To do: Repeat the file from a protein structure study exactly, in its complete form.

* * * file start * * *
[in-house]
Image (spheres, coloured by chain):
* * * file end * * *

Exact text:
[in-house]
Image (spheres, coloured by chain):